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Evolutionary theory predicts that levels of dispersal vary in response to the extent of local competition for resources and the relatedness between potential competitors. Here, we test these predictions by making use of a female dispersal dimorphism in the parasitoid wasp Melittobia australica. We show that there are two distinct female morphs, which differ in morphology, pattern of egg production, and dispersal behaviour. As predicted by theory, we found that greater competition for resources resulted in increased production of dispersing females. In contrast, we did not find support for the prediction that high relatedness between competitors increases the production of dispersing females in Melittobia. Finally, we exploit the close links between the evolutionary processes leading to selection for dispersal and for biased sex ratios to examine whether the pattern of dispersal can help distinguish between competing hypotheses for the lack of sex ratio adjustment in Melittobia.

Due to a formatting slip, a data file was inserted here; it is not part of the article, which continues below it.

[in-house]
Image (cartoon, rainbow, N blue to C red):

Original publication




Journal article


J Evol Biol

Publication Date





1374 - 1385


Animals, Biological Evolution, Body Weights and Measures, Clutch Size, Competitive Behavior, Demography, Female, Fertility, Linear Models, Longevity, Population Dynamics, Principal Component Analysis, Sex Ratio, Wasps, Wings, Animal